Hockey players avoid cuts with Kevlar socks


As he dresses for hockey practice at the Akinsdale/Kinex Arenas on Wednesday, bantam player Justin Roy rolls up his socks.

But they’re not just any socks, they’re cut-resistant socks containing Kevlar. The socks have a strong synthetic fibre to protect the calf, Achilles heel, ankle and top of the foot from injury.

Some players and coaches are strong proponents of the socks, since several NHL players have been sidelined by leg injuries caused by skate blades.

Last February Ottawa Senators’ defenceman Erik Karlsson had his Achilles tendon severed during a game against the Pittsburgh Penguins. Last week Brian McGrattan of the Calgary Flames avoided a serious injury to his Achilles tendon when he was stepped on during a game against the New York Rangers. He thanked his Kevlar sock for saving his foot.

At St. Albert’s Source for Sports store, owner David Ridd sees a spike in sales of Kevlar socks every time a high-profile player gets cut by a skate blade to the leg.

“Last year when the Ottawa defenceman got hurt we sold a ton. Start of this season, very slow again,” Ridd said, adding the store normally sells one or two pairs per month compared to 20 pairs after Karlsson was injured.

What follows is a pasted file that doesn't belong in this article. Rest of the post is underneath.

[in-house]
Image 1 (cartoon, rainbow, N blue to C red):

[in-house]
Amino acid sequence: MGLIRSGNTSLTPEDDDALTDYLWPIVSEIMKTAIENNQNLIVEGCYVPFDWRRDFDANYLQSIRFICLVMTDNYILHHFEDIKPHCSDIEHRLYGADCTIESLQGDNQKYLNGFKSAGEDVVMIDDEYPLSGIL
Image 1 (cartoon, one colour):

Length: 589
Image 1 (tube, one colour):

Sock users are typically players who play at a competitive level, said Ridd. But he questions why they aren’t more popular with minor hockey players since accidents do happen.

His store started carrying Bauer and BodyArmour Kevlar socks three years ago.

“Even back then we thought it would (become) a hockey staple like a neck guard, but that hasn’t happened.”

Ridd said a pair of Kevlar socks can last two or three seasons.

Geoff Giacobbo, co-ordinator for the Greater St. Albert Sports Academy, also hopes the Kevlar sock trend will catch on.

“I think (cut-resistant socks) are a safety precaution for any player to have. If you can prevent an injury, it makes sense,” he said.

Giacobbo noted skate blade injuries to the leg are not common, but he has seen them happen before in players as young as peewee.

He recommends them for his own players.

“To put their children in a situation that’s safer, most parents are going to take that information and do what’s best for their kid.”

Kevlar socks are not a required piece of equipment for hockey players. Hockey Canada is currently evaluating them and looking into recommending them for use, said Jimmy Adams, communications co-ordinator with Hockey Alberta.

As for Justin Roy, his parents bought him the socks, which run from $30 to $40 a pair. He wears them every game and every practice and said they feel just like regular hockey socks.

“I like them,” he said. “They’re good socks.”


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